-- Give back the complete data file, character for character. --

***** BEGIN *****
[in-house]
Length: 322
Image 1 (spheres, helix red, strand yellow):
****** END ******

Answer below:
[in-house]
Length: 322
Image 1 (spheres, helix red, strand yellow):